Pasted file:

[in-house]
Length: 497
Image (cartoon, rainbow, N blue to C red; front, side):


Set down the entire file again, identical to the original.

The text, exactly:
[in-house]
Length: 497
Image (cartoon, rainbow, N blue to C red; front, side):